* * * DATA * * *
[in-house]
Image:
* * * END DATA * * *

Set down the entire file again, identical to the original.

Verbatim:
[in-house]
Image: